Castellano loves artichokes, and this recipe features a fresh, simpler, lighter twist on the classic flavors of an Italian-style stuffed choke. The artichoke halves should be eaten leaf-by-leaf, as you would with whole ones. You can then scrape away the tiny inner leaves and choke spines to eat the heart whole.

¼ tsp. ground black pepper, or more to taste

juice 10 minutes, to draw out excess dirt. Drain, and wash chokes thoroughly. Trim 1 inch off tops, and cut off stem. Trim leaves with kitchen shears, and slice artichokes in half lengthwise.

3 Place artichoke halves in bottom of large pot and add 2 inches water. Bring to boil, reduce heat to medium-low, cover, and cook 20 to 25 minutes, or until tender. (Artichoke is cooked when outer leaf can be easily removed and inside is tender.) Remove from water with tongs, and set cut-side down on clean dish towel. 4 Pulse basil, olive oil, remaining lemon juice, garlic, salt, and pepper in mini food processor until smooth. Brush cut sides of artichokes with basil spread, and roast cut-side up on baking sheet 10 minutes, or until lightly browned. Serve with remaining basil spread.

10 MAY 2016

vegetariantimes.com

PER SERVING (1 ARTICHOKE) 209 CAL; 6 G PROT; 14 G TOTAL FAT (2 G SAT FAT); 20 G CARB; 0 MG CHOL; 394 MG SOD; 9 G FIBER; 2 G SUGARS

HEADSHOT: HANNAH FOLDY; ARTICHOKE PHOTO: SHERRIE CASTELLANO

1 Preheat oven to 400°F. 2 Soak artichokes in bowl filled with warm water plus 1 Tbs. lemon


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TELL VT What is your favorite food to bring to a celebration?

Hot and bubbly dip. artichoke-spinach-garlic —Mary Godwin

Slow-cooker vindaloo and brown rice. I go to a lot of gatherings where nobody makes anything for vegetarians or vegans. Funnily enough, the vindaloo and brown rice are always gone at the end of the night—and I make a double batch! —Peggy Ince

The Szechuan Black-Eyed Pea Salad that was featured in VT’s Readers’ Top-Rated Recipes special edition. I made it New Year’s Day, and it was a huge hit! —Kathy Rogers

Tell us what you’re cooking at facebook.com/ vegetariantimesmag

Orzo pasta salad with colorful veggies, beans, Italian seasoning, and dressing.

Chana masala—great recipe for a crowd. —Linda Gross

—Marie Salam

JOIN US ONLINE FACEBOOK.COM/VEGETARIANTIMESMAG

@VEGTIMES

Homemade hummus with crudités, and BBQ jackfruit sliders with homemade coleslaw. —Teri Miller

PINTEREST.COM/VEGTIMES INSTAGRAM.COM/VEGETARIANTIMESMAG

12 MAY 2016

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Mediterranean pasta salad, a true family/friends favorite. —Nanci Lawson

Homemade salsa. —Heather Weiss Knowlton

Vegetable enchiladas. —LaWanda Dean

PHOTO: ISTOCKPHOTO/ALINA SOLOVYOVA-VINCENT

Find Kathy’s favorite recipe at vegetariantimes.com/recipe/szechuan-black-eyed-pea-salad.


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Warm Carrot and Adzuki Bean Salad This sweet-and-spicy salad received 4,054 total comments, likes, and shares.

GET THE RECIPE vegetariantimes.com/recipe/ warm-carrot-and-adzukibean-salad

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MARCH-ISSUE RESPONSE » Several readers pointed out that our March story “Can Dogs and Cats Go Vegetarian?” (Trending Veg, p. 23) seemed to advocate feeding cats a vegetarian or vegan diet. While we strive to present expert information, even when the experts offer differing viewpoints, we agree with Bruce Kornreich, DVM, PhD, associate director of the Cornell Feline Health Center at the Cornell University College of Veterinary Medicine, with a specialty in cardiology, who says: “Cats, like many species such as birds of prey and dolphins, are obligate carnivores, meaning they require a strict meat diet. Cats need certain essential amino acids (those they cannot produce on their own); the most often-mentioned is taurine. Since cats cannot produce this on their own in significant amounts,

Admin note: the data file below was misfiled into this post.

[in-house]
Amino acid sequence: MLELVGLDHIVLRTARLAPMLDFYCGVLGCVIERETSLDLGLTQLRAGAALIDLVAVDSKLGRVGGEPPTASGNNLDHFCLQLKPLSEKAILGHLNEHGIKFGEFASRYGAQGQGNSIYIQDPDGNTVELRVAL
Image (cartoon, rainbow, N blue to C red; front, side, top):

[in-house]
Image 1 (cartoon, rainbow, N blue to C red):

if they don’t have enough taurine in their diet, there can be deleterious effects on their heart, eyes, and reproductive system.” We presented our original article in response to the many questions and comments we’ve received from readers who feed their pets a vegetarian diet (or are contemplating it). We urge readers to discuss the health consequences of a vegetarian diet for their pets with a veterinarian before proceeding. 

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PHOTOS, FROM LEFT: MAREN CARUSO; ISTOCK/BRIAN ZANCHI

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{ TRENDING VEG }

Soul Food, Vegan-Style A prominent chef and his wife in the Washington, D.C., area promote a new way of eating By Theresa Walker

PHOTO: ERIN SCOTT PHOTOGRAPHY

MARRIAGE TURNED VERNON

Mickiyah and Vernon Woodland at their College Park, MD, NuVegan Café location.

Woodland into a vegan. The chef at and co-owner of the Washington, D.C., eatery NuVegan Café (formerly Woodland’s Vegan Bistro) grew up eating like other African-American youth in the city’s black neighborhoods: meals

centered on chicken, beef, and pork. And there was plenty of macaroni and cheese. His wife, Mickiyah Woodland, who spent her childhood years in Bermuda and in D.C., learned to cook at a young age in the vegan restaurants that her parents operated.

vegetariantimes.com

MAY 2016 17


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At both NuVegan Café locations, diners can find vegan adaptations of fried chicken, mac and cheese, and a wide selection of salads, vegetable side dishes, and juices.

When the Woodlands, both 34, married 14 years ago, “she converted me over,” says Vernon, who trained at the New England Culinary Institute. “This whole vegan lifestyle was new to me and to a lot of people, especially in this area.”